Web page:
We wanted Jillian to do everything her older brother Kelly had done, and she did. It just took longer, whether it was tying her shoes or spelling a word or learning to ride a two-wheeler. The extra time needed forced Kerry and I to take it easy. It was fabulous.

John Lennon said, “Life is what happens when we’re busy making other plans.” The suburban bargain can be draining. We continually seek the next Next. We don’t linger. I cannot, for example, tell you what it was like when Kelly first rode his two-wheeler. He learned in an afternoon. It took Jillian two months. When I finally let go of the back of the bicycle seat, and watched her pedal her way down the lane unaided, it stuck in my heart forever.

Kelly’s first Homecoming dance. . . what did he wear? Who was his date? Was he nervous, elated, eager? No idea.

Jillian’s first? You mean after Kerry took her dress shopping (they tried on five) and after Kerry and Jillian got their nails done, and after I watched Kerry do Jillian’s makeup?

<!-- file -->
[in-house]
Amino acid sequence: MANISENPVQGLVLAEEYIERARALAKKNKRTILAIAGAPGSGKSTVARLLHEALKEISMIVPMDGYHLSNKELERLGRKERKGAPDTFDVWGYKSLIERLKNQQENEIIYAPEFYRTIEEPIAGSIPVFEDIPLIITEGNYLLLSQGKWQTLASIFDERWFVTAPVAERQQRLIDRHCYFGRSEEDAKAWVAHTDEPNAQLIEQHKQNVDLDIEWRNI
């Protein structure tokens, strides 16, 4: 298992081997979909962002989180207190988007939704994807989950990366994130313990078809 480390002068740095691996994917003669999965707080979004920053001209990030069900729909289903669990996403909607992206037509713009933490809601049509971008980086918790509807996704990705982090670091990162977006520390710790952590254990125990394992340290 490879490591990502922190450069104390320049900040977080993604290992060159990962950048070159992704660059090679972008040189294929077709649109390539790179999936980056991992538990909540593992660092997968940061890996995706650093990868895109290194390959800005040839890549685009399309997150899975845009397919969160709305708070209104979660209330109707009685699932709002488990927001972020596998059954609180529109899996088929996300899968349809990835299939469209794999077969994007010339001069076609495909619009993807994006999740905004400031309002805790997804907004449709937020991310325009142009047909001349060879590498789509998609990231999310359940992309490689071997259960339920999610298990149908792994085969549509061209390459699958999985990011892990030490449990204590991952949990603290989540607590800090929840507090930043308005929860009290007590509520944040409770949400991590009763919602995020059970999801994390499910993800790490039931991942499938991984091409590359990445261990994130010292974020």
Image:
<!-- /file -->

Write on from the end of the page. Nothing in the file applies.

You mean when I saw Jillian at the top of the stairs, her date (and future husband) waiting in the kitchen? When I saw him side the corsage of a cymbidium orchid onto her wrist? When I saw them walk out the door to the car, arm in arm, grins wider than the ocean?

Nah. I don’t remember that at all.

It took Jillian an hour to spell the word STORE. We went through various permutations — s-t-o-e-r, s-t-o-a-r etc — until she got it. When Kelly spelled store we went on to the next word. When Jillian spelled store I got up and started dancing around the room. “S-T-O-R-E, store, store, store!!”

We reach a certain age, look back and wonder why we didn’t linger. Kerry and I are empty-nesters now. Time passes more quickly, the older we get. But we still remember to linger, whether it’s over a fine meal or an evening with family and friends or a heart-breakingly lovely sunset. Jillian taught us that. We’re grateful.

The Times story: